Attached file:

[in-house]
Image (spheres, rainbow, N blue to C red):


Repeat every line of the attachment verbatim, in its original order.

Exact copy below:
[in-house]
Image (spheres, rainbow, N blue to C red):